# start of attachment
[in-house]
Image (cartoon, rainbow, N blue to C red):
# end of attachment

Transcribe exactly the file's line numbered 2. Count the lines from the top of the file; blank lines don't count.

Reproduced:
Image (cartoon, rainbow, N blue to C red):